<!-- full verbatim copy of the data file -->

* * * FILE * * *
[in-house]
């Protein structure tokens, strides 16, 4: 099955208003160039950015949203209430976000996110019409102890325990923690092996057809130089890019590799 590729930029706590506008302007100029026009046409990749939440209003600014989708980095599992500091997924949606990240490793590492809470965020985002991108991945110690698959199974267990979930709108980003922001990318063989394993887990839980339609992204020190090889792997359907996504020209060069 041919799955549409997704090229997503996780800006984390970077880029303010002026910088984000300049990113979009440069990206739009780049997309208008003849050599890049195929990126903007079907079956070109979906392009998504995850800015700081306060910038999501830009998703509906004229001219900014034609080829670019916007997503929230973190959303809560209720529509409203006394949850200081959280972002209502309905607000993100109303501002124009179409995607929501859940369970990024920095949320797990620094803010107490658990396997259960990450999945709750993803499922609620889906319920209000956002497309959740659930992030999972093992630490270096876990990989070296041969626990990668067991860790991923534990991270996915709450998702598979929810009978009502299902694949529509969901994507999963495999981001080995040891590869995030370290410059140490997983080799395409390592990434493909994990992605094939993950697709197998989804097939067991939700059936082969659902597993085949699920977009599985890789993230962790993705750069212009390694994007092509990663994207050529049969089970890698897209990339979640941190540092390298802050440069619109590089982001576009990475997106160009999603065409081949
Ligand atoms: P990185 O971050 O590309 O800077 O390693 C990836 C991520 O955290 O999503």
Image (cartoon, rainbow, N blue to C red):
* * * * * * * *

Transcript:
[in-house]
């Protein structure tokens, strides 16, 4: 099955208003160039950015949203209430976000996110019409102890325990923690092996057809130089890019590799 590729930029706590506008302007100029026009046409990749939440209003600014989708980095599992500091997924949606990240490793590492809470965020985002991108991945110690698959199974267990979930709108980003922001990318063989394993887990839980339609992204020190090889792997359907996504020209060069 041919799955549409997704090229997503996780800006984390970077880029303010002026910088984000300049990113979009440069990206739009780049997309208008003849050599890049195929990126903007079907079956070109979906392009998504995850800015700081306060910038999501830009998703509906004229001219900014034609080829670019916007997503929230973190959303809560209720529509409203006394949850200081959280972002209502309905607000993100109303501002124009179409995607929501859940369970990024920095949320797990620094803010107490658990396997259960990450999945709750993803499922609620889906319920209000956002497309959740659930992030999972093992630490270096876990990989070296041969626990990668067991860790991923534990991270996915709450998702598979929810009978009502299902694949529509969901994507999963495999981001080995040891590869995030370290410059140490997983080799395409390592990434493909994990992605094939993950697709197998989804097939067991939700059936082969659902597993085949699920977009599985890789993230962790993705750069212009390694994007092509990663994207050529049969089970890698897209990339979640941190540092390298802050440069619109590089982001576009990475997106160009999603065409081949
Ligand atoms: P990185 O971050 O590309 O800077 O390693 C990836 C991520 O955290 O999503």
Image (cartoon, rainbow, N blue to C red):